Drawing from his own archives, as well as interviews with family, friends and many others who knew Reed, DeCurtis presents an unvarnished account of Reed’s life, with an interesting look back at his early years growing up in Freeport, Long Island.
Born in Brooklyn on March 2, 1942, Reed moved with his parents and younger sister to Freeport in 1952 when his accountant father took a job with a Long Island-based plastic manufacturer.
Recounting how Reed described his elementary school in Brooklyn as a concentration camp and his subsequent years in Freeport at Caroline G. Atkinson Elementary School and Freeport High School like a jail, DeCurtis writes, “Taking his imagination to the extreme was a habit that began early with him.”
So was acting act out, but Reed began channeling his rebellious side into his pursuit of music, learning to play the guitar from the doo-wop, R&B and rock and roll on the radio in the 1950s, and starting several bands with fellow Freeport High classmates who are cited in the book.
“Even in high school, Reed led something of a double life,” DeCurtis writes.
While he got passing grades, played sports and loved to read, he was increasingly intrigued by New York City’s underground culture of sex, drugs and rock music; and though he liked girls, his writing at the time often depicted gay encounters while Reed himself began flirting his homosexual side. He liked to be shocking even at a young age, DeCurtis says.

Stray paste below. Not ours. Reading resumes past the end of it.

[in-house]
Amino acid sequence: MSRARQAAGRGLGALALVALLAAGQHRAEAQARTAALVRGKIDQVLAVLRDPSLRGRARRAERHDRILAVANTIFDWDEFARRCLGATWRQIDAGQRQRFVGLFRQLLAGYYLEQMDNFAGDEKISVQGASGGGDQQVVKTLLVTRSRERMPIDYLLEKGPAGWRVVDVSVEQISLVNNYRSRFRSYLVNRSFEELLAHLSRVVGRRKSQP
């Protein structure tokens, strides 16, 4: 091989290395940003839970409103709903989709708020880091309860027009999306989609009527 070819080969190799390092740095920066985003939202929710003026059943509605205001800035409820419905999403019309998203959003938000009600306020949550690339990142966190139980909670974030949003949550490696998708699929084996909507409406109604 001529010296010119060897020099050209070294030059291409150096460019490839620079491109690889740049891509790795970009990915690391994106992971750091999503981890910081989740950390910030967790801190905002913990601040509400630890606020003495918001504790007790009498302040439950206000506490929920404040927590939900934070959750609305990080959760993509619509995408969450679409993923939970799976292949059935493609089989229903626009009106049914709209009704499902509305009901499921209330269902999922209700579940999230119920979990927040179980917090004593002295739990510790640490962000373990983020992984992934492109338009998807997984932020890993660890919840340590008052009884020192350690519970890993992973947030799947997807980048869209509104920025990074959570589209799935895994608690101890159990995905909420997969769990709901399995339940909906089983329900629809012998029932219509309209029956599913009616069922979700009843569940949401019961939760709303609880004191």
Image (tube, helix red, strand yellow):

Reed’s teenage years would set the stage for his burgeoning career as a musician once a Freeport neighbor put him in touch with a music industry executive and his band’s first song, “Leave Her for Me,” debuted on 1010 WINS-Radio’s “Swingin’ Soiree,” soon playing on jukeboxes across Long Island.
“In rock and roll, Reed discovered a yearning and lyricism that complemented the rawer truths he was encountering… ,” DeCurtis writes when describing the counterculture that emerged in the late ‘50s as seen through art, literature and music that seemed to tap into Reed’s artistic, yet dark tendencies.